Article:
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  #61  
Old 04-13-2014, 03:42 PM
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KevWind KevWind is offline
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Originally Posted by Doug Young View Post
Jecklin or ORTF is meant to approximate your ears, but there are lots of other issues. If you recorded, say, from 12 inches away, and then listen to headphones, you should get a reasonable close approximation of what you would hear if you were listening from the same spot. Of course, as sdelsolrey points out, we usually don't listen to a guitar with our ears a few inches from the soundhole. And up close, our ears don't have proximity effect the same way mics (at least cardiods) do, so there may be some differences. Once you get further back, you're hearing the guitar from a more realistic audience perspective, but the room starts to dominate, and mics don't pick up quite the same way as our ears/brains, so the sound may not seem so similar.

Kev, there's also the whole collection of raw tracks in Scott Wigham's "library" that he and I recorded using different mic patterns that you could play with. That was partly why Scott set up that collection, so people could play around with raw unprocessed tracks. I'm confused about the goal tho, you just want to know if someone can hear specific stereo techniques, including artificial processing? I'd say yes, some of the time, especially if you're listening on good monitors and know what your listening for, and other times no. A very definitive "maybe" :-)
Hey thanks perhaps I'll give some of those a try also ( on his web sight I take it ?). Yes I am curious as to what can actually be heard by people in general and more importantly If I can enough of difference to consistently identify and differentiate a (spaced pair) stereo track from specifically a duped mono set. I could indeed hear for example the differences in the tracks you posted early on. And interestingly I thought the mono track had the best overall definition and detail, although admittedly lacking in overall presence and width comparatively. I am listening on some older KRK V8's which I would rate mid level.
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  #62  
Old 04-13-2014, 04:42 PM
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I'm not seeing them on his website. Here's the thread where he unveiled these tracks:

http://www.acousticguitarforum.com/f...d.php?t=289290

To me, mono usually sounds wrong, we have 2 ears. But it all varies, and different gear, different ears, will like different things. I think a fair bit of this sort of stuff is training (deliberate, or just conditioning). I read an article somewhere about Thomas Edison and his first phonographs, and people were raving about the fidelity - "indistinguishable from being in the room", etc :-) People hear what they are lead to hear in many cases.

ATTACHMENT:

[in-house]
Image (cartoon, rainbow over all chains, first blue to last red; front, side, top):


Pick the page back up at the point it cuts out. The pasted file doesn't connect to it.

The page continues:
No micing or processing technique sounds just like the guitar in the room, they're all some simulation, some echo of reality. Each technique just simulates reality differently, and usually we can learn to recognize the particular simulation is we care. But ideally, as Larry suggests, the simulation is effective enough (which may or may not be "realistic") that it either gets out of the way and lets the music come thru, or better yet, actually enhances the music.
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  #63  
Old 05-03-2014, 08:57 PM
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Hey all, very interesting and intelligent discussion here so I thought I'd fill in some of the details that get cut when your word count for an article is 500 words. There are a lot of nuances and it sounds like this is the kind of crowd that would appreciate knowing more.

First, I don't always use the single mic technique. I did Nestor Ausqui's most recent album using two mics and stereo, for the same general reasons mentioned here - capturing more ambience, more control over the guitar spectrum, etc. I did have to give up some of the single mic advantages - recording's always a tradeoff - but it was definitely the right technique for this performer and guitar.

I used the single mic technique for the first time on the late Linda Cohen's last album, "Naked Under the Moon." Linda was a delightful person and an excellent classical guitarist and teacher, but was always interested in pushing the boundaries musically. When she did "Leda" (released 1971), the idea of combining acoustic guitar and ambient electronics was quite ahead of its time and due to my reputation as being involved with electronics, I was often credited with "inventing" modern new age music long before it started taking off in the 80s. However, if that album did in fact invent modern new age music, she gets all the credit as it was entirely her idea.

Anyway, Linda played a Contreras guitar very softly and with much dynamics. The single mic thing was born out of frustration. In 1971 it was still a tape-based world, and to capture her dynamics was a problem. Whoever pointed out that one mic over multiple tracks doesn't mean less noise is technically correct, but when using two mics the mics weren't matched and neither was the noise. Spreading it out in stereo created a "soundstage" for the noise.

We couldn't do anything about it back then but "Naked Under the Moon" was done digitally with an ADAT for capture and a PARIS system for editing, her first (and only) album to use a DAW. I noticed that using one mic appeared to give less noise because it was "up the middle" and masked by the centered material. The low frequency channel nuked the noise anyway, and the channel with the highs was panned slightly to the right; while it contributed to the noise, you at least didn't perceive stereo noise.

The Contreras guitar was also a problem because it had a HUGE bump at, IIRC, 220Hz or so. It was great for concerts, because that bass would hit the back rows but it was a bear to record. I usually ended up having to print with a bit of a notch just to set levels that could accommodate her dynamics without having too much noise.